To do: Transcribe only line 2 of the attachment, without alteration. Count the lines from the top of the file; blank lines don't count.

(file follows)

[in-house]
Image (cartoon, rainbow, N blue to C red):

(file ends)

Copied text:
Image (cartoon, rainbow, N blue to C red):